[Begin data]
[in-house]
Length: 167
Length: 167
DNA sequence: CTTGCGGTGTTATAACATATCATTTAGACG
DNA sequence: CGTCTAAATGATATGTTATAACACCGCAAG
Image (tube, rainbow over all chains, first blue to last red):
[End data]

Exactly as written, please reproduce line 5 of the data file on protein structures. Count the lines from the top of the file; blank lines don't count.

DNA sequence: CGTCTAAATGATATGTTATAACACCGCAAG